Your Organic Food Might Be Imported From CHINA. Here’s What You MUST Know

 

Your Organic Food Might Be Imported From CHINA. Here’s What You MUST Know

Those who make it a point of purchasing organic produce and other foods usually do so for a couple reasons. One reason is for better nutrition and health, as USDA-certified organic foods are grown under strict guidelines that improve soil quality, eliminate harmful pesticides and, therefore, make the food more nutritionally dense and safer to eat. The other reason is to help the environment through organic agricultural practices. As the popularity and desire for organic foods grows, so does the risk of fraudulent products that claim to be organic, but really aren’t. When our food comes from international sources, we can’t be sure how they’re regulated. Here are some things you must be aware of when buying organic.

Your Organic Food Might Be Imported From CHINA. Here's What You MUST Know

China Has Environmental Hazards

Foods from China are particularly dangerous. Organic foods can be farmed in polluted areas while still labeled organic, and China is currently undergoing an environmental crisis in many areas, as these photos demonstrate. The farmlands surrounding this tile factory in Dingshu are no longer suitable for growing crops because of heavy metal contamination. Chemical plants in Zhoutie have polluted waterways and contaminated locally produced rice and wheat with cadmium.

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Since organic certification does not address environmental sources of pollution such as contaminated water, or heavy metals including cadmium, lead, mercury this leaves consumers vulnerable to purchasing these harmful foods that may have been grown in such conditions. Many Chinese have stopped eating local product because they know about the contaminated farmland. In 2007, the Ministry of Land and the National Bureau of Statistics conducted a nationwide soil survey, but the results weren’t published until 2013. The survey reported that about 16.1 percent of China’s soil and about 19.4 percent of farmland were contaminated.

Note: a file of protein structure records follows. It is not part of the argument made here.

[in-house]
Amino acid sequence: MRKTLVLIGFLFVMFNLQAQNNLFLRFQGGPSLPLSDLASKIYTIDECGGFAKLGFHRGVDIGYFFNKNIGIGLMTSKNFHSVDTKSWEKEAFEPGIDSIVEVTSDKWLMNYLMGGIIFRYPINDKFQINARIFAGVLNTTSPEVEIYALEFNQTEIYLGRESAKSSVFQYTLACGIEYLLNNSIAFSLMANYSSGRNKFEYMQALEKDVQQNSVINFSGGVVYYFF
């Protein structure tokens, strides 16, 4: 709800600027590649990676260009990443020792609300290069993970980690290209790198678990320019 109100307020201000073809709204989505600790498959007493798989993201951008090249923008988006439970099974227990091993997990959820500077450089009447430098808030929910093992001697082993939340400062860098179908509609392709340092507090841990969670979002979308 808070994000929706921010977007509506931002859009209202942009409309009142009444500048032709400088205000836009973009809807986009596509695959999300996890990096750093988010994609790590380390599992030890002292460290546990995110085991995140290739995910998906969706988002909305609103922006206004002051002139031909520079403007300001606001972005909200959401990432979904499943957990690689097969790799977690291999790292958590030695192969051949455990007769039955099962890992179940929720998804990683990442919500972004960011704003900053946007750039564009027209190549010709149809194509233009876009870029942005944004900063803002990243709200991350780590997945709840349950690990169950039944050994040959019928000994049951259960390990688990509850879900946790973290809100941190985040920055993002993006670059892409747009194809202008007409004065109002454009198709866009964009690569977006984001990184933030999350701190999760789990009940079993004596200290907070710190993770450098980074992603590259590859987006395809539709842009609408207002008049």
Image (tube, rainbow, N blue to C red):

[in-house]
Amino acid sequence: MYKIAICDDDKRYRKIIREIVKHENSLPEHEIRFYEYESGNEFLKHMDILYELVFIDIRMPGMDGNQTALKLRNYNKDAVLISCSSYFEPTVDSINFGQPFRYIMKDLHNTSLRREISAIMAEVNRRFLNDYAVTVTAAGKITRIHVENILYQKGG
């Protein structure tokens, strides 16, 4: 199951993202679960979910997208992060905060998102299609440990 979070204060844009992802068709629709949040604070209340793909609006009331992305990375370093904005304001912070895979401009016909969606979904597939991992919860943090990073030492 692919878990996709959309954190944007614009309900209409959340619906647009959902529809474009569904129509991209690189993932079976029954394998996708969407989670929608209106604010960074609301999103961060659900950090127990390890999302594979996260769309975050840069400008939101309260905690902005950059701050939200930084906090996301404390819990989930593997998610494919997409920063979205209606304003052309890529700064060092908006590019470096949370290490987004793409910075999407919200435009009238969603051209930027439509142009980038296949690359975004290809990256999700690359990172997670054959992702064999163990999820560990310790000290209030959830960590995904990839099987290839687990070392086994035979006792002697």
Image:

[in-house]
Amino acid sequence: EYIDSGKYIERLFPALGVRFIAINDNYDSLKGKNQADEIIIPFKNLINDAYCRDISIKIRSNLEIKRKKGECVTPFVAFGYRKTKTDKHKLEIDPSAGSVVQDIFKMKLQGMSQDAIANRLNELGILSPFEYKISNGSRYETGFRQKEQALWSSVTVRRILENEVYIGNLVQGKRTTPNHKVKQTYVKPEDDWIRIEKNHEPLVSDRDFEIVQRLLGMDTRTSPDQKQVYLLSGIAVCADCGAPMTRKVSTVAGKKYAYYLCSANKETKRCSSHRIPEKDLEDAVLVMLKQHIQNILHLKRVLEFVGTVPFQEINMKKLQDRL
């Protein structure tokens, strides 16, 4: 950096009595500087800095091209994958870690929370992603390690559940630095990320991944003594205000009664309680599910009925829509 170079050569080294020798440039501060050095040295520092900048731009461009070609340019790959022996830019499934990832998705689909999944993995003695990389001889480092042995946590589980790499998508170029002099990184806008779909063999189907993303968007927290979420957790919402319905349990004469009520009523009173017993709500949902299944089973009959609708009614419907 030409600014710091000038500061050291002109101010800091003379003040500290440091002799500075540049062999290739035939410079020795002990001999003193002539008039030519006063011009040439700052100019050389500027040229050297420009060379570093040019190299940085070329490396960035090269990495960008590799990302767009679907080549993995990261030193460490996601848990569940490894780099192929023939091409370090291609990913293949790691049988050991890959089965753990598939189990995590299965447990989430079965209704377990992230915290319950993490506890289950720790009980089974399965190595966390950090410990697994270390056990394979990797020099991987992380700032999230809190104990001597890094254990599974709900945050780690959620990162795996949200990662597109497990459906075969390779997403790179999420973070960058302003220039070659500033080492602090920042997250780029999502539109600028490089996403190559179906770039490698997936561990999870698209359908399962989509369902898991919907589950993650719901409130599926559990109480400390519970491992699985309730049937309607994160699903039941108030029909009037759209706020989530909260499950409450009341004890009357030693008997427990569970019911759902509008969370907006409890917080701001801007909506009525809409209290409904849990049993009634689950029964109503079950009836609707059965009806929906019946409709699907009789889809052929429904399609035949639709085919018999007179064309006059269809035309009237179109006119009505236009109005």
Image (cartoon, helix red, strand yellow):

Polution

Check For Farming Regulations

Some places, mainly China have almost no standards or regulations for what they label as “organic” so there’s very little keeping these hazardous crops from being exported to other countries while sold organic and enticing customers with their cheap prices. It’s probably safe to say that anything coming from these countries labeled “organic” is a scam meant to appeal to niche buyers. Without some environmental regulations (which China doesn’t have any), there is nothing stopping crops from being grown in filthy conditions, and you can’t have clean food that isn’t grown in the clean land.

Not only should you be concerned about buying produce or packaged foods from China, but you should be weary about whether or not supplements or superfood has ingredients sourced from China or other countries with poor farming standards and no regulations.

China

Skip Labels That Call Seafood Organic

Though it’s not impossible to find some fish that legitimately come from sustainable sources, you’ll have to really do your research and they’re probably only sold in certain stores. If you live near the coast, it’s possible to find fish from small boats that do use sustainable methods, but there are no federal regulations that makes something “sustainable” or “organic” when it comes to fish and other ocean life. So, be wary of any seafood with these labels, and keep in mind that they don’t undergo any toxicity testing either.

Smog China

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As you can see, there’s a lot to consider when it comes to buying organic food, and just because you see an organic label, doesn’t mean there aren’t risks or frauds to keep and eye out for. You can avoid potentially inauthentic or harmful food by checking where it’s sourced, making sure its USDA-certified, and buying locally.

 
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